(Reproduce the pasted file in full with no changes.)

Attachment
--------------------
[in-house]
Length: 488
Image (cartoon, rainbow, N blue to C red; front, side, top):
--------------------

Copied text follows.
[in-house]
Length: 488
Image (cartoon, rainbow, N blue to C red; front, side, top):